Most recently, Associate Prof Arul Chib has released the SIRCA II co-edited volume ‘Impact of Information Society Research in the Global South’ (New York: Springer; ISBN 978-981-287-380-4). The international scholarly community has taken a variety of approaches to question the impact of information society research on populations in the Global South. This book addresses two aspects-Impact of research: How is the research on ICTs in the Global South playing a role in creating an Information Society? (for example, policy formulation, implementation in practice, and shaping of public opinion), Secondly, what does the Research on Impact reveal: What is the evidence for the impact of ICTs on society? The volume brings together a multiplicity of voices from developing countries and approaches within the social scientific community to address these vital questions.
|Asst Prof Astrid C Kensinger||Graphic Design history, typography, mapping, live art as communication and participation art. Currently working on three funded research and design projects using GPS, video and site-specific research in South East Asia and Europe.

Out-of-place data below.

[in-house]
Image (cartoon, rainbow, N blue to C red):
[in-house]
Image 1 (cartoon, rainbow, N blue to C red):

|Prof Ben Alvin Shedd||Ben received a 1989 summer long Residential Creativity Fellowship from the Alden B. Dow Creativity Center, Northwood University where he began his EXPLODING THE FRAME research comparing small screen and giant screen imagery and creating a new filmic language for effective giant screen production. This research began for producing IMAX giant screen films and continues today with ever larger high-resolution digital screens and full dome immersive presentations where the edges of the screen frame are outside our field of vision. His research also concerns creating effective science and technology media about very large and very small phenomena seen on displays from handheld size to multi-story high screens.